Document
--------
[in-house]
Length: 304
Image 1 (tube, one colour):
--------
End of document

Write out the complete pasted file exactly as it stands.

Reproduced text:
[in-house]
Length: 304
Image 1 (tube, one colour):